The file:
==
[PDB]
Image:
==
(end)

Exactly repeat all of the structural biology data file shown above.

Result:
[PDB]
Image: